It differs from its more southerly cousins in not too many ways. In fact, it looks kind of like P. lakustai, but, again, it's the structure of the parietal that makes this guy different. The two P3 spikes are there, but this species expresses P1 spikes that grow down and overhang the parietal fenestrae, similar to the situation in Centrosaurus apertus and Centrosaurus brinkmani. This big guy would have lived in some cold temperatures in the winter--it probably got down below freezing for a few months a year, and believe it or not, the North Slope of Alaska was further north than it is today back in the Late Cretaceous, so that means even longer periods of darkness.
Exactly how Pachyrhinosaurus and its neighboring frozen north dinosaurs survived in these extreme conditions is unknown, but it certainly speaks to their hardy nature. Living alongside our boy here was a large form of Troodon formosus, good old Dromaeosaurus, Edmontosaurus, and one or possibly two tyrannosaurs--one of which was Albertasaurus.
UPDATE: I actually wrote this post a week ago, but only now found the motivation to post it. I may actually add to it later, including references. So look for that!
Monday, December 26, 2011
I'm changing things on this blog. Haven't decided exactly how yet, but I do intend to start blogging more regularly. I've actually got three blog posts in the "editing" stage and I want to put them up fairly quickly, after the new year. My health is more or less back to the normal. I've still got a PICCline in, but it's kind of my new routine now. My only excuse is not having any motivation at all to be creative--that might be caused by the abscess back in May (no joke). I don't really draw anymore either. It's wierd, and annoying, and a little worrying.
I'm also forcing people to register. That blows, I know. Would comment moderation be better? Let me know. I'm so tired of getting spam comments. I'm going to go through all my posts at some point and wipe out all the spam.
I might also just start a brand-new blog and let this one fester away. I'm so far behind in the literature it's stunning, but I need to catch up, and I need to write about this stuff. For me, for you, for my own sanity.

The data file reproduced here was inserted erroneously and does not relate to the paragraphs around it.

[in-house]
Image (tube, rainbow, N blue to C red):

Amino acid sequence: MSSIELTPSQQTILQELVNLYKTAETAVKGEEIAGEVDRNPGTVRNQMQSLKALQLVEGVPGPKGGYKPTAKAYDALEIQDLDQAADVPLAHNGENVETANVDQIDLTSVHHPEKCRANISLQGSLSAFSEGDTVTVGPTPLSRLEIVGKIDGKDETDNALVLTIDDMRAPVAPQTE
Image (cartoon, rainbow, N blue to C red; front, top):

What are your thoughts, dear readers? If anyone even checks this blog anymore, that is. And I don't blame you if you don't!
Saturday, September 17, 2011
Monday, August 22, 2011
Look, kids! I'm not dead!
I got my third IV out on the 1st, started back on my normal med routine, and BAM, two weeks later and I'm already developing symptoms associated with another lung infection. I'm going into the doctor tomorrow. Hopefully it'll be nothing but a cold, but I just never know anymore. Follow me on Twitter (@zmiller1902) for updates.
But now is not the time for worry--now is the time for showing off horrible sketches! I'm again working on my "Life on Leather Wings" story. I've got a lot of the storyline worked out and the three main characters well-defined. This is a prelim sketch of one of them--Angol Fear (name taken shamelessly from the Soul Calibur IV character), one of Heaven's Vanguard. She and her squad of Angels is in charge of hunting and killing soul-harvesting Succubi. She is young and brash, but determined and gets the job done. She and Lily have a tenuous truce: Angol won't go after Lily as long as Lily continues harvesting souls that are already Inferno-bound. But the second Lily goes over that line, Angol's coming after her.
I'm having a difficult time imagining the armor for Heaven's Vanguard and Angol in particular. I want it to be imposing but breathable. I don't want Angol to have a helmet, either. But her silhouette is different from Lily (or Gwendolyn): Angol's widest point is just below hips, at the top of her thighs. She has short blonde hair and, of course, those big Angel wings. This is the only drawing I've done in the last month that I've considered good enough to keep, but I'm glad I'm getting back in the groove, slow though it may be.
Ignore the "LeBouf" scribble. I forgot to erase it, and I was trying to figure out if The Beef's name really meant "the beef." Turns out it doesn't--what a shame!
Now then. To lunch!